The Red Wing Burnside boot was created following studies done on worksites and receiving feedback from workers in the industry. Much like Iron Age, Red Wing wanted to provide a boot that will support personnel in the industry while providing comfort for the workers.   

“In the masonry industry, having a safe, reliable pair of boots can help workers avoid potential injury and time off the job,” states Kirstin Anderson, Senior Product Merchandising Manager at Red Wing Shoe Company. Flexibility in the boot while still having grip is imperative while on a jobsite to ensure safety and comfort.  

These new boots feature a no-slip outsole, heat and tear resistance, memory foam tongue and collar. Where higher wear and tear occurs, there is a polyurethane layer combined with leather for a resilient boot. With these components in combination with a removable foot insert, the Burnside boot helps to combat discomfort and abrasions on the exterior.   

Anderson suggests masons look for work boots that meet or exceed evolving safety standards, which happen to change every three to five years. You should try and shop in person at a store to be sure the boots fit properly. Purchasing a pair of work boots is along the lines of investing in your career, and you want to make sure the fit is perfect, and the comfort is there.   

The soon-to-be-released Immortalizer work boots from Iron Age, have been designed explicitly with workplace safety in mind. According to Jennings, “we’ve taken the boots and soaked them in lime, and ammonia, and have done thousands of many vamp and flex testing.” Processes like these and more help to ensure the comfortability and safety of footwear in the industry.   

Similarly, Red Wing Shoes focuses on the people who will be wearing the protective gear and aim to provide the necessary features they will need out of a work boot. Taking the boots through a battery of tests to ensure they’re safe and comfortable to wear — essential things to take into consideration when in the market for a new pair of work boots. You’ll want them to have longevity while still providing comfort and protection from the elements and day-to-day wear and tear.   

So, If you are in the market for a new pair of work boots or would like to venture outside of your trusted brand, maybe take a look into these boots and see if the will withstand a job or projects you’re working on.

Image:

Accessible Shirts   

Born out of necessity, an accessible clothing line was created for the need of a former college football coach who was diagnosed early with Parkinson’s disease. Maura Horton, the CEO of MagnaReady, made the decision to create this adaptive clothing line following a game when her husband was unable to button his shirt and was helped by then college ball player Russell Wilson.   

Horton wanted to prevent anyone else from being embarrassed by not being able to perform the simple task of buttoning their shirt. “I immediately started thinking of solutions that were out there, I looked for options for him, and we ordered some closure pieces that we found to be sub-par. So, I created the magnet technology just based on his need and inability to do things that we all take for granted.”  

While MagnaReady’s immediate application is to assist those with unique physical, mental, and emotional needs, Horton quickly found it also has a secondary, but equally as useful purpose amongst the mason and construction professional crowd. “I think it’s great for construction jobsites and is OSHA compliant,” says Horton. “OSHA requires your shirt or whatever you’re wearing be completely removable in case you were caught in a bad situation, or machinery, or trapped so you can quickly remove your clothing.” Easily removable clothing is also safer in cases of exposure to flames, caustic liquids, heavy machinery, and many other construction materials that masons, in particular, are likely to use.   

“We have so many people that buy our shirts for the ease of use,” explains Horton, “not necessarily because they have limited mobility or dexterity, but because it’s easy to use.” Horton has worked hard to design her clothing lines around the unique needs of her customers and has developed “all types of fabric shirts, from a linen shirt to a flannel shirt, which is our most popular. We do service a large industry and area in Florida, Arizona, and California where it is warmer and doesn’t necessarily need flannel, so we do have casual styles as well.”  

Workplace attire can be further improved in terms of safety when upgraded to a quick release closure system like MagnaReady, which serves as a preventative measure from injury in dangerous situations with chemicals, flames, and other potential hazards. While there is nothing worse than the loss of a loved one, knowing it was a workplace fatality that could have been prevented by taking the proper precautionary measures is truly unbearable. Research and information will go a long way into investing in the appropriate safety precautions for any workplace.